Check on vulnerable neighbors during extreme temps
When the heat hits hard, not all homes are equally capable of keeping cool. If you have neighbors who don’t have air conditioning or can’t afford to run it, their risk of heat-related health issues can be serious, especially if they are elderly or ill.
Small things can make a difference when it comes to keeping temperatures down. Help your neighbors by sharing important information and energy-saving tips.
- Fans can make us feel more comfortable, but when the temperature is too high, they will not prevent heat-related illness. Seek an air-conditioned space if necessary.
- Close the shades and blinds during the day.
- Drink plenty of water and take cool showers.
- Don’t cook hot meals during the day. Prepare a no-bake lunch for a neighbor in need; salads and sandwiches work great.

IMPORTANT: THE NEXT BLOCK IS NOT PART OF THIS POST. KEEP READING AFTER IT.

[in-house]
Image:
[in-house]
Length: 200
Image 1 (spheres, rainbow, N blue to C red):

- Make sure neighbors have signed up for PEC text alerts by adding their mobile number to their SmartHub account.
A good rule of thumb is to check on people whenever a heat advisory or warning is issued in your area, or when PEC notifies members of “peak heat days” through our social media channels.
If you can, visit your neighbors in person on hot days. If someone appears in need of immediate medical attention, call 911.
If your neighbor requires life-sustaining electrical equipment, ensure they’re signed up for PEC’s Medical Necessity Program. We will attempt advance notice of outages when possible, but members enrolled in the Medical Necessity Program are not guaranteed an uninterrupted supply. Learn more here.
Want another way to be a good neighbor?
The summer months mean it’s time for Power Rush Hour®! Consumer energy rates in Texas are based partly on our use during peak times from June to September, which means you can save yourself and your neighbors money on future bills by shifting your use outside the hours of 2 and 7 p.m. Learn more here.